G: I love the light and darkness in panels. I love everything about the design. Andre’s internal dialogue just kind of floats on the panels, and the spoken dialogue, the word balloons, they don’t have borders. It all deadens the color palette, so that nothing is distinct or set apart. And as the nights get darker and the room does, there are slightly darker shades of blue and the grey. Delisle really plays with them. It looks so simple but it’s masterful.
S: There are numbers at the beginning of the sections that tell how long he’s been held, but he couldn’t always remember what day it was, though it was really important to him to hang on to that.
G: There were really tense moment where — I don’t remember how long he was held captive — weird things happened that broke up his captivity. Someone’s wife came in to sweep up his room.
S: He saw her one other time, too.
G: Another time the door was left open, and there was a kid in the hallway looking at him.
S: That was so hard for me to read. It wasn’t just that André was humiliated, chained to a radiator like a dog while this little kid just stared at him, but to me that this little kid was in a situation where it wasn’t weird that there was a hostage in the house. He didn’t go oh my god I need to call the police! It’s like, oh yeah, okay.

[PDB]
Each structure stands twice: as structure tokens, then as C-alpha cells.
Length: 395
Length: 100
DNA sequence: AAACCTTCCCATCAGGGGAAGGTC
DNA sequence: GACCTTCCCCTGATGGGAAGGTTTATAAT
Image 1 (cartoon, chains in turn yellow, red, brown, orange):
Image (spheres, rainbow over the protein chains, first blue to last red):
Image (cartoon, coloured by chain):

G: That’s not a good neighborhood to live in.
G: For me the most harrowing moment was when he figured out the door was unlocked, and then tried to decide what to do. That was absolutely scary. He’d been trying to find a way to escape but suddenly, after becoming so real, his terror at the thought of being caught trying to escape and what his captors might do to him after that —
S: I felt so much of this. And every day he was drinking thin vegetable soup and tea, and that’s all they give him, and you could see his pants getting looser and looser. It wasn’t until much later that he realized they were falling down and he’d lost weight. But Delisle shows it.
This book terrified me. It was really well done.
G: It’s so unlike anything by Delisle that I’ve read. I fell in love with his books about living in foreign places — Pyongyang, Shenzhen, Jerusalem, and Burma. Did you ever see the strange little books he did for D&Q, the first of his that were published in English? Albert and the Others, Aline and the Others — so wacky, so strange.
S: I liked the ones about bad parenting!
G: Those are funny. But he did these wordless little books in French about a little boy named Louis that are amazing, too. (Louis Au Ski, Louis À La Plage) They’re in that beautifully big French graphic album format. It’s good to see Delisle can escape being pigeonholed as an author. He’s much more than the guy who wrote about living in foreign countries
S: I really want to give this book to adult book clubs.
G: Right. It belongs right up there with Safe Area Gorazde and The Photographer. And it reminds me a little of Alan’s War by Guibert, about an American soldier in World War II whose service was pretty boring.